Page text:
Preliminary investigation of the sedimentary zonation of the Ogallala aquifer, southern High Plains

dc.creatorBuika, Paul H
dc.description.abstractThe Ogallala aquifer of the Southern High Plains provides water from approximately 60,000 irrigation walls (Don Smith, personal communication, 1979), which support 68 percent of the total irrigated acreage in Texas. However, because the Southern High Plains is a topographically isolated plateau, the Ogallala aquifer receives no recharge except from infiltration of surface precipitation. The region is a semi-arid area, receiving only approximately 19 inches precipitation par year; thus a declining water table will soon reduce irrigated acreage to about 60 percent of today's figure by the year 1990. Source areas for Ogallala sediments ware the Southern Rocky Mountains of New Mexico, although the exact areas have yet to be determined. Deposition of coarse Ogallala sediments first occurred by valley alluviation in pre-Ogallala drainage channels, followed by meandering stream deposition of fine-grained sands and clays, and deposition of considerable aeolian debris. Sands, clays, and gravels are interspersed throughout the Ogallala section making correlation difficult. However, maps representing the distribution of sand, clay, and gravel units of the Ogallala Group do show soma regional continuity. Clay distribution in the Ogallala section thins to the east-northeast, although several thick local clay sections occur; these may represent ancient lacustrine deposits. Clay thicknesses, which range up to 320 feet, may account for up to 70 percent of the Ogallala section. Sand lenses in the Ogallala of the Southern High Plains range up to 450 feet in thickness, and often account for 100 percent of the section. Ogallala sands are generally thicker than either clay or gravel accumulations, regionally thinning to the southeast. Gravels in the Ogallala aquifer, with the exception of the widespread basal zone, thin eastward. Elongation of two gravel trends from northwest to southwest is a product of the two major stream channels which ware active during much of the Ogallala time. A third major Ogallala-age stream channel may have existed in the area now occupied by the Canadian River Valley, as indicated by the gravels that occur in Carson County.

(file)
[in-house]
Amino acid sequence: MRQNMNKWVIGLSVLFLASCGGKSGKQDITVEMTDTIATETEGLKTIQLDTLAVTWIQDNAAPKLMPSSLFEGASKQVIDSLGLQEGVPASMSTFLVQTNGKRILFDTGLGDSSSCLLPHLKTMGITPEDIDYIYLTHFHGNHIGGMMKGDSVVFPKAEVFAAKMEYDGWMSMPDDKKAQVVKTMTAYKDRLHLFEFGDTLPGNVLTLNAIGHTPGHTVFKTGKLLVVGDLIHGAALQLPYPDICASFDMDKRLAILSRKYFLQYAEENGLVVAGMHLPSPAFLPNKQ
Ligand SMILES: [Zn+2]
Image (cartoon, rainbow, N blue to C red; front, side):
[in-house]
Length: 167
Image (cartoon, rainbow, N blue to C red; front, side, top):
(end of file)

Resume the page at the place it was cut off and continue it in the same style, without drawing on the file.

dc.publisherTexas Tech Universityen_US
dc.subjectAquifers -- New Mexicoen_US
dc.subjectAquifers -- Texasen_US
dc.subjectSedimentation and depositionen_US
dc.subjectGroundwater -- Texasen_US
dc.subjectGroundwater -- New Mexicoen_US
dc.titlePreliminary investigation of the sedimentary zonation of the Ogallala aquifer, southern High Plains